Wednesday, March 16, 2005

Good Credit Scores=Good Behavior

Remember, your credit scores are based on your financial behavior, so good behavior is key to maintaining good credit scores as well as improving your current position.

The List below is a quick review of how responsible borrowers behave.

  1. Always pay all of your bills on time. This proves your reliability and demonstrates consistent behavior and responsibility.
  2. Check your credit reports regularly and correct inaccuracies. Verify that the information reported about you is correct. Dispute anything incorrect with each of the credit bureaus immediately. Some disputes may require contact with financial institutions too. While it is best to document your disputes in writing, to all three bureaus simultaneously. Some bureaus provide customer service by telephone with instructions on how to register for a fraud alert.
  3. Monitor your accounts closely for signs of identity theft. Simply review each statement and verify that all bills are authorized, accurate, and your own. Guard PINs and account numbers, and always report unauthorized activity immediately. It is a good idea to maintain a list of your account numbers and their corresponding toll-free, 24-hour customer service numbers in a handy, secure place separate from of your wallet in case it is stolen or lost.
  4. Control your debt. Generally speaking, keep balances below 30% percent of available credit lines.
  5. Manage your available Credit. Lenders may conclude that applicants with multiple accounts, all with high credit limits, may have too much access to excessive unused credit that could result in the sudden or gradual accumulation of too much debt.
  6. Don’t try to change a score overnight by suddenly closing or opening accounts. Scores are based on complex statistical models that could make such actions backfire.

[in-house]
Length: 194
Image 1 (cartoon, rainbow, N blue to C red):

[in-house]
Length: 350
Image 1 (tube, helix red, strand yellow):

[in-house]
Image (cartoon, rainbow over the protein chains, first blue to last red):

7. Avoid excessive inquiries. Inquires indicate applicants are submitting applications, generating multiple requests for their credit report. Creditors may view too many inquiries as a sign of financial trouble.
NOTE: Credit Repair takes longer than creating the damage. It's also a lot less fun.

Don't shop for a mortgage lender for 3 months and then be surprised to see you have a drop in your FICO score of 40 points or more. I've seen it happen. What online lenders don't tell you is that they 'job out' your loan application to a number of brokers and every bank they send it to also pulls a report so the number of 'hits' increases exponentially.

REFINANCE HINT: If you have taken out a short term loan, say a 1/1 ARM just to get into your home and build a better credit score with the intention to refinance, be extremely careful that you behave ultra responsibly about all your credit behavior. Don't max out your credit cards during the month (stay under 30% of available balance) and undo what your good mortgage payment history is doing for you. Also, keep your credit spread across all your cards so the balances all below 30% if possible. Otherwise, you will be stuck in the world of higher interest rates for a very long time.

When you close credit cards...a popular misconception to improve your actually LOWERS your available credit limit and your score.

Wishing you every credit sanity. Loannetter

©2005 susan templeton loannetter